Diet of the European bison (Bison bonasus) in a forest habitat estimated by DNA barcoding

Ida Hartvig*, Andy G. Howe, Emilie N.B. Schmidt, Cino Pertoldi, Jeppe Lund Nielsen, Rita M. Buttenschøn

*Corresponding author for this work

Research output: Contribution to journalJournal articleResearchpeer-review

9 Citations (Scopus)


Re-introduction of large herbivores is increasingly used as a tool in nature management and for restoration of more biodiverse habitats. This study investigated the diet of recently introduced European bison, Bison bonasus, in a forest habitat in Bornholm, Denmark, with the purpose of evaluating its adaptation to the new habitat and assessing its potential for facilitating development towards a more open and species-rich forest. Metabarcoding of 39 bison dung samples collected during June–August identified 71 plant taxa belonging to 36 families as diet objects, comprising 56% forbs, 20% trees, 17% graminoids and 7% shrubs. The broad composition of the diet shows the capacity of the bison to adjust to new habitats and exploit a variety of different habitats when foraging, including meadows and other wet areas. Among the most frequently consumed plant taxa were the shrub Rubus idaeus, a number of coarse grass species and most tree species found in the habitat. Rubus idaeus were by far the most abundant taxa, constituting 44% of all the DNA sequences. The results suggest that foraging by bison can contribute towards limiting domination by understory shrubs and high, coarse grasses. Over an extended time period, foraging by bison is expected to promote development towards a lower and more open understory and herbaceous layer in the forest habitats.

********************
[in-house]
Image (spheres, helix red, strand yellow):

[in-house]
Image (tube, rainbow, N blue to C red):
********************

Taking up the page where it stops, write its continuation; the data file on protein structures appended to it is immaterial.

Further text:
Original languageEnglish
JournalMammal Research
Number of pages14
Publication statusPublished - 14 Oct 2020


  • Ecological restoration
  • Foraging ecology
  • Large herbivores
  • Metabarcoding


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